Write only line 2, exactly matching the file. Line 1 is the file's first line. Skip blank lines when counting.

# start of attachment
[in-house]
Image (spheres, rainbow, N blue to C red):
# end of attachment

Image (spheres, rainbow, N blue to C red):